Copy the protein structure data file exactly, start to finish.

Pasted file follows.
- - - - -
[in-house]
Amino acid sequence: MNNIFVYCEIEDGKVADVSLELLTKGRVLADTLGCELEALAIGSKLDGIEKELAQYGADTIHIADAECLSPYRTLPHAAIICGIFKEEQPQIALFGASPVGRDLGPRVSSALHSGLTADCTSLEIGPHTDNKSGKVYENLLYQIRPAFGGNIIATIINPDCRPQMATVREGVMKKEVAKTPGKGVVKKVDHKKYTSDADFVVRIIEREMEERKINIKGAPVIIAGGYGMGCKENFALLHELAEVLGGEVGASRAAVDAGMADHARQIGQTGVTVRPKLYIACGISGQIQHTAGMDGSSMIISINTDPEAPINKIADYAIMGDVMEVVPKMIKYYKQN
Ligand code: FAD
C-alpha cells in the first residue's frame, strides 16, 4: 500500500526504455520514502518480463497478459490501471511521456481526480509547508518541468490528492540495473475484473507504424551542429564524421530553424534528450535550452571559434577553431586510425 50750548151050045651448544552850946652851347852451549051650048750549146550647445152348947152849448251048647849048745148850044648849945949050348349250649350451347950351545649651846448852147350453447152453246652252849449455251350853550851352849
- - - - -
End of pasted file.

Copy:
[in-house]
Amino acid sequence: MNNIFVYCEIEDGKVADVSLELLTKGRVLADTLGCELEALAIGSKLDGIEKELAQYGADTIHIADAECLSPYRTLPHAAIICGIFKEEQPQIALFGASPVGRDLGPRVSSALHSGLTADCTSLEIGPHTDNKSGKVYENLLYQIRPAFGGNIIATIINPDCRPQMATVREGVMKKEVAKTPGKGVVKKVDHKKYTSDADFVVRIIEREMEERKINIKGAPVIIAGGYGMGCKENFALLHELAEVLGGEVGASRAAVDAGMADHARQIGQTGVTVRPKLYIACGISGQIQHTAGMDGSSMIISINTDPEAPINKIADYAIMGDVMEVVPKMIKYYKQN
Ligand code: FAD
C-alpha cells in the first residue's frame, strides 16, 4: 500500500526504455520514502518480463497478459490501471511521456481526480509547508518541468490528492540495473475484473507504424551542429564524421530553424534528450535550452571559434577553431586510425 50750548151050045651448544552850946652851347852451549051650048750549146550647445152348947152849448251048647849048745148850044648849945949050348349250649350451347950351545649651846448852147350453447152453246652252849449455251350853550851352849